Generally, I think that elders who can afford paid care should actually pay for it, unless the family members who are willing to provide unpaid help are genuinely able to provide all the care the person needs. I don't think it's reasonable for one family member to insist on home care for the parent and then try to muscle other family members into helping to provide it. If your brother insists your father be cared for at home, it's his burden to make that decision work, not yours. It would be different if the parent is indigent and home care is the only option. In that case I think it's only fair to share the burden as equitably as possible. But in your father's care, that doesn't seem to be situation. Personally, I would not take responsibility for caring for any demented and/or incontinent person in my home. I think it's just too much to ask of anyone.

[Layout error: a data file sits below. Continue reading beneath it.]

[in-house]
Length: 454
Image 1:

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Suggest that your brother writes to us here! Someone might tell him that you each get to choose how you are going to respond to your situation. If your father has assets, your brother should be spending them to buy home-care services so that their life is not so hard. Look into the services of a geriatric care advisor. It can be expensive, but they might be able to create a solution that everyone can live with.

This problem - siblings disagreeing about care of parents - is so very common. It often gets so bitter that relationships are destroyed. I will pray my atheist prayers for you.